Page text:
When I went back to Derry, I immediately got involved in community because I believed that people like myself who had been lucky had a duty to those in our community who weren't so luck to help them in whatever way that we could. I was very heavily involved in the foundation of the credit union movement setting up the Derry Credit Union which was the first Credit Union in the North. From 1964-1968, I was President of the Credit Union League of Ireland. I regard the Credit Union as one of the greatest movements in the history of Ireland.

How did you get into politics?

I also got involved, you see, in housing. Myself and Fr. Mulvey set up the first housing association in Ireland as well. In the first year, we housed a hundred families, and in addition to building houses, we were advising people on how to go about housing, but then we put in major plans to build 700 houses and the local authority, which was Unionist-controlled, wouldn't give us planning permission. That led me straight into the civil rights movement, which led me directly into politics.

Was Martin Luther King an influence on you?

The '60s was when the Civil Rights Movement began in Northern Ireland and that was the period of Marin Luther King as well. He was an enormous influence. He was very strongly committed to his approach to non-violence, even when you were being beaten on the streets, the message was don't retaliate. Let the world see who the real aggressor is. When I was growing up, the housing situation in the area was appalling. I don't know how the people stuck it - two to three families living in a house and the houses were small. It was really terrible, but the Civil Rights Movement achieved an awful lot. Unfortunately, the one area we didn't make progress was the jobs front. But one of the reasons for that was the start of the IRA campaign. To tackle the jobs problem, we needed investment, but the troubles gave a bad image to the outside world. So the investment stopped.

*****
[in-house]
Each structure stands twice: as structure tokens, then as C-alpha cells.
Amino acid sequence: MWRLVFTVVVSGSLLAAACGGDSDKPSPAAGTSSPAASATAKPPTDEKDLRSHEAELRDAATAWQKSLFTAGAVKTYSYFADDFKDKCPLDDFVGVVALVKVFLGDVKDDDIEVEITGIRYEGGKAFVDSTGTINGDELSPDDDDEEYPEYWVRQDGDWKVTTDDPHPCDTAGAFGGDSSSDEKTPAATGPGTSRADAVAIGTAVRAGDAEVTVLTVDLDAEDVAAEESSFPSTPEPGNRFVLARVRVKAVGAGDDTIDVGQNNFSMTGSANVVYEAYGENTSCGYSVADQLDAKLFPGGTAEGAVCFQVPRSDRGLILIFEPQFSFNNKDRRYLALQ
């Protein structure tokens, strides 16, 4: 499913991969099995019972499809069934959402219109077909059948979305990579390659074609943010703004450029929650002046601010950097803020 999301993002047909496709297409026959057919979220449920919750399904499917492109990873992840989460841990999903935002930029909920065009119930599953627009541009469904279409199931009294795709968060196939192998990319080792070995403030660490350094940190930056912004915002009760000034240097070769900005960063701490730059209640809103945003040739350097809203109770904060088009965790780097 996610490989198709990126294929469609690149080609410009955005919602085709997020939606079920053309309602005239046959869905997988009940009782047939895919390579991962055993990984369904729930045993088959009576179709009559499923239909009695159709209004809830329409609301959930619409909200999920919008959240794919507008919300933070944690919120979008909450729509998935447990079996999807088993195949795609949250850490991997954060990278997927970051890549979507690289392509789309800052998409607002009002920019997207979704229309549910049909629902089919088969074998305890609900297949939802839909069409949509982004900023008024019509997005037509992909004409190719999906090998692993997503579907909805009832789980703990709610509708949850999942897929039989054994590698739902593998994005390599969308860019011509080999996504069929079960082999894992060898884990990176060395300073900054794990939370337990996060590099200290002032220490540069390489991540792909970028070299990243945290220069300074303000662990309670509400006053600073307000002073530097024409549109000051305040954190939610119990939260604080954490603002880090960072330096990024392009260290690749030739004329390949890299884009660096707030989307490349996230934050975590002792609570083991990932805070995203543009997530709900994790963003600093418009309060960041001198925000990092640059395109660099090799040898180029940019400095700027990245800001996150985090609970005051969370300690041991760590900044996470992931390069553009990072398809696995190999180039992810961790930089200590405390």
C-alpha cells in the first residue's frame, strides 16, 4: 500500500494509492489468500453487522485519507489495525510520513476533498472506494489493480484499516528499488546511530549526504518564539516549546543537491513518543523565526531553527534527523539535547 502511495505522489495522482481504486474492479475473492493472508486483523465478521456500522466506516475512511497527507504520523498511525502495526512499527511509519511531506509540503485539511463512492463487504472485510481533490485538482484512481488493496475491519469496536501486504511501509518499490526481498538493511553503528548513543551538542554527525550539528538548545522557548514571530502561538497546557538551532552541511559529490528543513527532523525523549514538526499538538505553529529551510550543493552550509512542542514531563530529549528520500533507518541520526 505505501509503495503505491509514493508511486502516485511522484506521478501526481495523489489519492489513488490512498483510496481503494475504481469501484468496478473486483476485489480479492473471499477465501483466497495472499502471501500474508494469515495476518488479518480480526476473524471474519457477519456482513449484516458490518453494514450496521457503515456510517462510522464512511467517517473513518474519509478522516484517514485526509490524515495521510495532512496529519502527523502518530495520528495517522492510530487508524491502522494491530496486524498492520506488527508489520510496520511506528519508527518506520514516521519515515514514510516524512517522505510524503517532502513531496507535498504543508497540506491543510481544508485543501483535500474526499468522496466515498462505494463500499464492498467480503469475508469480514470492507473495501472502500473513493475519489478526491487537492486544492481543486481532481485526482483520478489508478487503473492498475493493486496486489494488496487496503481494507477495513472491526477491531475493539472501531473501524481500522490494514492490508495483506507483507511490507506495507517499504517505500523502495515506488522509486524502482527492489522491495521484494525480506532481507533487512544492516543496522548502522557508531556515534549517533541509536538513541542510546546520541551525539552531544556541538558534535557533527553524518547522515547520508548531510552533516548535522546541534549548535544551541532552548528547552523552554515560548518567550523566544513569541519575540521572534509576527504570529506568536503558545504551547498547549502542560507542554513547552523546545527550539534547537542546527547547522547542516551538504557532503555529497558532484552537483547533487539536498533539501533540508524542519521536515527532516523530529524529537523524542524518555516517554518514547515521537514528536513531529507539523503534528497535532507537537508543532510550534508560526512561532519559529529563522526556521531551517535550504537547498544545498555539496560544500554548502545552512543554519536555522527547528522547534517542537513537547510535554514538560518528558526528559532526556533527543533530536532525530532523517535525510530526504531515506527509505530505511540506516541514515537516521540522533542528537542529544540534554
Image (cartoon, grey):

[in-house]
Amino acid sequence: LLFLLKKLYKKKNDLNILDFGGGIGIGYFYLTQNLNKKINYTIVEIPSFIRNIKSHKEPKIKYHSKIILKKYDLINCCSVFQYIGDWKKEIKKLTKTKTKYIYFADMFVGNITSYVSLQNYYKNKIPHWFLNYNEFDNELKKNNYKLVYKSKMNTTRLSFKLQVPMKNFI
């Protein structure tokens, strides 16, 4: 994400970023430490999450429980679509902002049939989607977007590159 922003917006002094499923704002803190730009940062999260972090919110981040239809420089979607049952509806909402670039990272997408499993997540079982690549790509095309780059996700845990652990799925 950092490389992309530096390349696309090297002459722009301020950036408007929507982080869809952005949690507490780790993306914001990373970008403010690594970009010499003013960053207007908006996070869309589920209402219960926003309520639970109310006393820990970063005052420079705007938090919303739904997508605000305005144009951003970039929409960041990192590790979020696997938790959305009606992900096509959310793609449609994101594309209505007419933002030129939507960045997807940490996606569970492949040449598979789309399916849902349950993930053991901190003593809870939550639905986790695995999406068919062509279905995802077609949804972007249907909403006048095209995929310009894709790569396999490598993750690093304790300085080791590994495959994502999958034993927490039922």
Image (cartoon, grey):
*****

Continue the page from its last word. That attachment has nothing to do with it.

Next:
Is that why you promote non-violence?

My commitment to non-violence is very fundamental. The most fundamental right of all is the right to life and therefore there is no way that you can be involved in any activity designed to achieve civil or human rights if your method undermines the most fundamental human right of all. To me that's common sense.

Does that belief have a Christian basis for you?

I find it hard at times to understand sectarianism in Northern Ireland, given that the people who are most sectarian would present themselves as the most religious and being very Christian and I would simply want to remind them of the very fundamental message of Christianity, which is "Love thy Neighbour". So, therefore, I don't understand their sectarianism based on Christianity.

What are your hopes for the future?

My dream is that this generation will be the generation that takes the gun forever off our streets. With the telecommunications revolution, I believe that we can harness the Irish identity from right across the world - that will help us enormously in building the new Ireland of the next century. I'm looking forward to being a great offshore island of the United States of America and the United States of Europe.